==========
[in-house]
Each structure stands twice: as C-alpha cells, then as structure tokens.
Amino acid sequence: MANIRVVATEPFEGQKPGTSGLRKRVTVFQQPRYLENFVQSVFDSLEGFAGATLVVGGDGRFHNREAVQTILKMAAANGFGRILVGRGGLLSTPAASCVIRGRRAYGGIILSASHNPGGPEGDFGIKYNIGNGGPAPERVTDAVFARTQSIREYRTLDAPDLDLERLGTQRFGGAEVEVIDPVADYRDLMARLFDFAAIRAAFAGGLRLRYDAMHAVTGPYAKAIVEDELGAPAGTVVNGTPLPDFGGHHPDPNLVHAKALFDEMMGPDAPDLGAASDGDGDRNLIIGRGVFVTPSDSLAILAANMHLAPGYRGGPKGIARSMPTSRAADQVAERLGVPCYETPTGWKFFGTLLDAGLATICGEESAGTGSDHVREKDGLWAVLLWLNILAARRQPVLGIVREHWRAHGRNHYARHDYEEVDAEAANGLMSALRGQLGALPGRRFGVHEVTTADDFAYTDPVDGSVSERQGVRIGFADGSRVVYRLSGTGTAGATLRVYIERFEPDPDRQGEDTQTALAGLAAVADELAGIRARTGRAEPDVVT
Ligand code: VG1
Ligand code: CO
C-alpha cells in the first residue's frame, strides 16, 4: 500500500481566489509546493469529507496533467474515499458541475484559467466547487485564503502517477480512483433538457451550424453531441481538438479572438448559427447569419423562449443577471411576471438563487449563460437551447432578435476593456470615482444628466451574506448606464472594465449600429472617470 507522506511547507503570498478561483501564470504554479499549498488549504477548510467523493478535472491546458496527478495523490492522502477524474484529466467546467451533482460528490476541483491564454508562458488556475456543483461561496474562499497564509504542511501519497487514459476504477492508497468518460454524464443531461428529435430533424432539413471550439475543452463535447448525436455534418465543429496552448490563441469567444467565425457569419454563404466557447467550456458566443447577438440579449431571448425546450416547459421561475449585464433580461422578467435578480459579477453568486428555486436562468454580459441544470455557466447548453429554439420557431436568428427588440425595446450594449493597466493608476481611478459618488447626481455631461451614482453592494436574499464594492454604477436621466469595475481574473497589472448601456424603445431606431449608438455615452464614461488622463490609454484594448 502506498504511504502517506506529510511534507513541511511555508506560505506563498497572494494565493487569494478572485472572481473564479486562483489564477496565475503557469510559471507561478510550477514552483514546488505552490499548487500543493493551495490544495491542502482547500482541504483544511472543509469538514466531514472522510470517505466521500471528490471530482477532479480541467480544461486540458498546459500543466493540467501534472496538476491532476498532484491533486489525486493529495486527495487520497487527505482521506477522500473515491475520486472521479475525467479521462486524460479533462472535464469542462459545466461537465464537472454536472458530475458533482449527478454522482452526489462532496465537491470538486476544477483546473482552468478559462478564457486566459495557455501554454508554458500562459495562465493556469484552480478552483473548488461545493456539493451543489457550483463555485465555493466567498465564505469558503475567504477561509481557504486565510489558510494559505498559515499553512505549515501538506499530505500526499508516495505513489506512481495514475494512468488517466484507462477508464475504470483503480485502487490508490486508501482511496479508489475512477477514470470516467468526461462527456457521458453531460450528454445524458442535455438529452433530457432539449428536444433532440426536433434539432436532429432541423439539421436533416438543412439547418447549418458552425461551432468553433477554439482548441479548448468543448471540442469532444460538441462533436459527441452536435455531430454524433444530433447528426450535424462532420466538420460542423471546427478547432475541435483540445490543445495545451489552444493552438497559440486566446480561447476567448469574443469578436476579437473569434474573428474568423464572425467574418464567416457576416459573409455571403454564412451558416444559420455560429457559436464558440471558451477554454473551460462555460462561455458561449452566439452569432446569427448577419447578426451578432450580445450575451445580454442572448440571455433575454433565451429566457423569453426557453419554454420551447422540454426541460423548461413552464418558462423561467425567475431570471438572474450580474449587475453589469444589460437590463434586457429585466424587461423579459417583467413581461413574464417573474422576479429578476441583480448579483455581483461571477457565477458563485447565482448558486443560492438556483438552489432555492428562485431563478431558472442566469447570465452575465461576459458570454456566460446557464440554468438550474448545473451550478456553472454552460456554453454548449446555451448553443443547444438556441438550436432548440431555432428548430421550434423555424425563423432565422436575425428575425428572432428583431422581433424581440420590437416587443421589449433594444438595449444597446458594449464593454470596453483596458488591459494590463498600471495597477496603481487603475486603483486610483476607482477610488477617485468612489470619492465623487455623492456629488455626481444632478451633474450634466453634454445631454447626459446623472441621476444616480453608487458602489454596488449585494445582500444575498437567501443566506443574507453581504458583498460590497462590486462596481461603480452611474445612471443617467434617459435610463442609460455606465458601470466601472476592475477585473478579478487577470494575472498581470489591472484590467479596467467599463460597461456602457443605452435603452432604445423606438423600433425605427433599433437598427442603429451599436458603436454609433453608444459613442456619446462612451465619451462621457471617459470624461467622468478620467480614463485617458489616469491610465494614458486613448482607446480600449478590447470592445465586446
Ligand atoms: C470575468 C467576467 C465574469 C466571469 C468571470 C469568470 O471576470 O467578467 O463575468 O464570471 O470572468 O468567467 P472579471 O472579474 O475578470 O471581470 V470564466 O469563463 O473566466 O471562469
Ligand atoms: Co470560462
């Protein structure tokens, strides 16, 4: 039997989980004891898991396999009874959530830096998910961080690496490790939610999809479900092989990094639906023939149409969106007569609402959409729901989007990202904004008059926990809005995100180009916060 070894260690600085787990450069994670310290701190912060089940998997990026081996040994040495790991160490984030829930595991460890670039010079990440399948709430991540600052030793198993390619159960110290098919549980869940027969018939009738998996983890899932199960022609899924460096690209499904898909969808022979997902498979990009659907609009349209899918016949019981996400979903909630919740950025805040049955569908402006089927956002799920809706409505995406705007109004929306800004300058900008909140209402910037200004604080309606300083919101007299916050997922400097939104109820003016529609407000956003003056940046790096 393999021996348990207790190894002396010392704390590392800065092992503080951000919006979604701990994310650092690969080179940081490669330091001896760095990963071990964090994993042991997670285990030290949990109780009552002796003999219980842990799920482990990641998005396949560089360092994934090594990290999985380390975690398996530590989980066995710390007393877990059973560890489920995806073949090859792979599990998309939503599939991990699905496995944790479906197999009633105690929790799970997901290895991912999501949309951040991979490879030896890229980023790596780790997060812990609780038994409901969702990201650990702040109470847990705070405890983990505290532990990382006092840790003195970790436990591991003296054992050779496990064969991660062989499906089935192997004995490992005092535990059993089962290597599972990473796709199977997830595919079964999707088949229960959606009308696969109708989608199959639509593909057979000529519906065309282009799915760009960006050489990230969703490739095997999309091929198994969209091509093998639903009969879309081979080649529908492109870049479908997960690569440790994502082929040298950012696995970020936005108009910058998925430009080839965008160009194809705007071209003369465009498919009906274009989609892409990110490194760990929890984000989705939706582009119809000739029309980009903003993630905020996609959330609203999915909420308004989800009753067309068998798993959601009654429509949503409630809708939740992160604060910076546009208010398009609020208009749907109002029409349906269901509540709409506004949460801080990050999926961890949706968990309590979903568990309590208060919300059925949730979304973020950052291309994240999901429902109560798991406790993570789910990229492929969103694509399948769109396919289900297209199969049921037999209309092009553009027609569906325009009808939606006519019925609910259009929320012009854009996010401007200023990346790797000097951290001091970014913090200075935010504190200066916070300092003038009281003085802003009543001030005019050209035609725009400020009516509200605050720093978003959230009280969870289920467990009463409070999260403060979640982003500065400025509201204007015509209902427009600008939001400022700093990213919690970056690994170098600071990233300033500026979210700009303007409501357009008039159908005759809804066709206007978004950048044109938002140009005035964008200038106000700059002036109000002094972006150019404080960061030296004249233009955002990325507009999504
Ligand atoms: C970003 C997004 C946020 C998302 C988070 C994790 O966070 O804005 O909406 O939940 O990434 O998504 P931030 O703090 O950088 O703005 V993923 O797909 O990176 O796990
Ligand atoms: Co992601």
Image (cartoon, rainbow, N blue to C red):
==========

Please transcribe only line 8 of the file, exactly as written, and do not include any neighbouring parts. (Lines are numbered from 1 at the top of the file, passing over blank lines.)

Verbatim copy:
Ligand atoms: Co470560462